This was supposed to be a nice piece about the new Marissa Nadler record, Strangers, published the week it came out. I got a copy. I was excited to write about it! I had notes about each song and all my adjectives lined up like fantastical, sun-dappled ducks in a row. But every time I got close to collecting all of the disparate ideas I had, I’d find myself watching the news. And then I found it easier to creep onto the soapbox and shake my tiny fist at the world.
I didn’t feel comfortable hijacking a piece about someone’s record to talk about my own fears for the country, the world — and I realized that trying to shoehorn the larger conversation would strip it of its gravity, because nuance is verbiage and there’s only so much room on the Internet. But I realize now that I must, at least, attempt to credit seriously both my terror and Marissa Nadler’s art.
Marissa Nadler is someone I hadn’t given a thoughtful listen to until last year. If I’m being honest, I haphazardly discarded her work, tossed into the pile of unchallenging prettyish music being sold as “dark” and kinda sorta metal. But, just like all jerks who make easy and early assumptions based on subconscious triggers, I found out that I was very wrong. Nadler’s new LP (and, revisited with more attentive ears, her entire catalog) is much more than I had given it credit for.
It sounds like immediate human sadness. I’ve been feeling a lot of that lately.
When I first put on Strangers, I was struck by how decidedly unprecious it was. I was also grateful to hear a songwriter who wasn’t swimming in pastiche. Sometimes you love something for what it isn’t as much as for what it is. Her voice is unique but not heavily stylized; it feels remarkably un-put-on. She reminds me of Leonard Cohen. The songs project a darkness that’s subtle, one that addresses real things and is in touch with real emotions. It’s not just a vacant surface-lovely awash in shadows. It sounds like immediate human sadness. I’ve been feeling a lot of that lately.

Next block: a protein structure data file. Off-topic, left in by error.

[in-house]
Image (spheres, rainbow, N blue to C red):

The country that I love, one that I can’t help but see through the lens of the experience of my parents — who took refuge here as their homeland was ravaged by war — has been flirting with something resembling dictatorship. False prophets and demagogues prey on fear. For most, that entails stoking fear of “the Other.” Nothing does quite as good a job of eliminating the need for thoughtful analysis. Thinking deeply is tough, and gives no immediate answers or gratification. Fear, however, gestates into hatred, which galvanizes like no other feeling known to humankind. I hear presidential hopeful Donald Trump speak on TV and my mind wanders, almost automatically translating the sound of his awful voice into black-and-white imagery of nuclear plumes and skulls in fields. Watching this pulsating orange man-child get lionized, even by a minority of my countrymen and women, is difficult to stomach. In the wake of this gigantic awfulness, I have found refuge in music and art and film and poetry, because it fills me with hope.
I instantly found some solace in the opening track on Strangers, “Divers of the Dust,” which opens like a lullaby — albeit a dark, surrealist, post-apocalyptic one. Dark in the way I like my darkness, not trying too hard and juxtaposed with just enough beauty, which paradoxically makes darkness darker — in that way that Alfred Hitchcock would open a film with sunshiney good vibes just before things take a turn for some sort of mayhem. “Divers” is all of the hideous imagery I’ve been almost crippled by recently somehow made beautiful. I love tension through ambiguity. It’s unclear what’s happening, and I love it because it reflects my own nightmares, the ones I haven’t yet put into words or lyrics.